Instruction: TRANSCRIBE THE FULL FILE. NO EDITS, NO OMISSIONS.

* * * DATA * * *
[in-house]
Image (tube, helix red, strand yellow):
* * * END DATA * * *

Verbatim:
[in-house]
Image (tube, helix red, strand yellow):